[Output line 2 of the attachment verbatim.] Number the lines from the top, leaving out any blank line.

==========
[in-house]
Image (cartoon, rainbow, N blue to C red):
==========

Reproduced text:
Image (cartoon, rainbow, N blue to C red):